I am a PhD student in the Theory Group at Columbia advised by Henry Yuen. I’m interested quantum computing, especially complexity, cryptography and learning theory. Some specific problems that I think about are QMA versus QMA1, Shadow Tomography, the Complexity of Unitary Synthesis problems, among other problems in Quantum Complexity and Cryptography.
Before Columbia, I was a graduate student at the Institute for Quantum Computing at the University of Waterloo, advised by John Watrous.
Email: johnb at cs dot columbia dot edu
- An efficient quantum parallel repetition theorem and applications. John Bostanci, Luowen Qian, Nicholas Spooner, Henry Yuen. Preprint. STOC 2024, QIP 2024 Short Plenary Talk [Slides].
- Unitary Complexity and the Uhlmann Transformation Problem. John Bostanci, Yuval Efron, Tony Metger, Alexander Poremba, Luowen Qian, Henry Yuen. Preprint. QIP 2024 Long Plenary Talk.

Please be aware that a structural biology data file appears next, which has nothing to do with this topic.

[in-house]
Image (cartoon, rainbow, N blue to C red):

- Quantum Event Learning and Gentle Random Measurements. Adam Bene Watts and John Bostanci. ITCS 2024 [Slides, Talk].
- Finding the disjointness of stabilizer codes is NP-complete. John Bostanci and Alex Kubica. Physical Review Research 3, 2021.
- Quantum game theory and the complexity of approximating quantum Nash equilibria. John Bostanci and John Watrous. Quantum 6, 2022.
In Fall 2022 I was a TA for Introduction to Quantum Computing at Columbia, taught by Henry Yuen.
In Summer 2023 I was a TA for Topological Aspects of Error Correcting Codes at the Park City Mathematics Institute Graduate Summer School, taught by Jeongwan Haah. Click here to see the problem sets and solutions.
I used to work for a start-up derivatives exchange called Kalshi, where I helped design and build the exchange, as well as designed and built most of the connections with external parties including Bloomberg, brokers, and market makers.
I also used to work for Citadel on the Alpha Research and Development team. Some of my projects include X-Alpha (a graph based resource manager for creating terms), and Leonov (a neural architecture that performed better than human modelers on near term alpha).